Cambridge Toys 'R' Us store 'likely to close' next Spring

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Cambridge Toys 'R' Us store 'likely to close' next Spring

Toys R Us made a £500,000 operating loss on sales of £418m past year.

The Cambridge Toys "R" Us store in Cambridge is one of 26 scheduled to close in Spring 2018.

The proposed closures come after its United States counterpart filed for bankruptcy in September, having amassed £3.6 billion in debt. The company hopes to redeploy any staff members from the Cambridge store, just off Newmarket Road, where they can.

The private equity-owned company has suffered falling like-for-like sales, with analysts saying it has failed to aggressively build up its online business and lost sales to competitors like Amazon.

The toy retailer, a Top100 trader in IRUK Top500 research, says it may close up to 26 large-format stores in the UK as part of a company voluntary arrangement that seeks creditor approval to reposition its store network.

It now employs 3,200 people and said it would, where possible, aim to redeploy staff affected by the shop closures.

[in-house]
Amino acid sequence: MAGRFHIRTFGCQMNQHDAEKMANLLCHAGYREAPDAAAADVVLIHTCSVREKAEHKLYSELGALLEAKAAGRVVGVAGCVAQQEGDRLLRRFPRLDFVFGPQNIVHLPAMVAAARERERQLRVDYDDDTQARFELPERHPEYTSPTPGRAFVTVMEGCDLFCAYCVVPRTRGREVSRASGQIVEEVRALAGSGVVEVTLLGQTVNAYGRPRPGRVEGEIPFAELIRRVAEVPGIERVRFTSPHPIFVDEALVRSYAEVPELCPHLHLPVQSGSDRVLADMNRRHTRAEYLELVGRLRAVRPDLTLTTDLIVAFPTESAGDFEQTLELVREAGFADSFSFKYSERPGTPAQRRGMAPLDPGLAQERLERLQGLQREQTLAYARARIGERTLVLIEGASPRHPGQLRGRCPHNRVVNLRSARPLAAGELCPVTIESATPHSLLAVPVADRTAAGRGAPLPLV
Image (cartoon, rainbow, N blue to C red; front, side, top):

It made an operating loss of £500,000 on sales of £418mln for the year to January.

The kids" toy retailer announced this week that it had planned the closure of a quarter of its stores across the country in response to "evolving needs of customers in today's United Kingdom retail market'.

Toys R Us on the Meole Brace Retail Park in Shrewsbury.

Its managing director, Steve Knights, said warehouse-style stores opened by the retailer have become "too big and expensive to run". "The decision to propose this CVA was a hard one, but we determined it is the best path forward to make essential changes to the business", Knights said.

Mr Knights said: "Like many United Kingdom retailers in today's market environment, we need to transform our business so that we have a platform that can better meet customers' evolving needs".

It is unclear whether the retailer's landlords and creditors will support the CVA proposal, the same process used by BHS to exit loss-making stores during its demise.

In October, it was reported that a number of suppliers had stopped delivering stock to Toys R Us in the United Kingdom ahead of Christmas because of problems with credit insurance.

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